The Texas Legislature Is Making Abortion Illegal in Texas

The Texas Legislature Is Making Abortion Illegal in Texas

Why the C.E.O. Behind and Tinder Took a Stand on the Texas Abortion Law?

In 2013, when Texas passed Senate Bill 7, the law made abortion illegal in the state, and it forced clinics that performed abortions to close. But the law did leave another option, for people who could not afford them and who were not willing to travel from across the country to have an abortion in Texas.

But instead of giving people who could not afford or were not willing to take the time to get an abortion an alternative, Texas lawmakers took a step that would have made it harder for them to access that alternative.

That step would have been to make abortion illegal in Texas, and make it impossible for Texas clinics performing abortions to do so.

That would have been bad—an obviously bad thing. It would have been a bad thing, though, if the lawmakers behind the law only thought of it for the people who actually would have had abortions, but not for the women whose lives would be affected at the same time. That would have been even worse. The people who actually would have had abortions would have been completely unaware that their lives were at risk.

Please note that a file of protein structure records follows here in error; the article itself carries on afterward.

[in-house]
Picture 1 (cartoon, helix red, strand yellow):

Which is why the most recent version of SB 7, the one proposed by the Texas legislature at the beginning of the year, makes it even easier for women to get an abortion, by requiring them to have a doctor perform the procedure. The way the bill is written, it is a lot harder for a woman to get an abortion, and that is the women who will be most affected by the change.

The bill does not require abortion clinics to be licensed. It does not require them to be accredited, and by its very nature it means they will not be. That means that abortion clinics will not be federally funded—instead, they will have to rely on Medicaid and private insurance for their services. There is already a small network of clinics in Texas that has the license and the accreditation to perform abortions in the state, but their locations cannot provide abortions to women who live more than a two-hour drive away from the clinic.

The clinics that do perform abortions in Texas, particularly in rural areas where the population is lower and the cost of living is higher, will see their services reduced even more.

And those clinics cannot provide the abortion care that is their primary business. In the state that already has the most restrictive abortion laws in the US, there is no way that they can provide safe,

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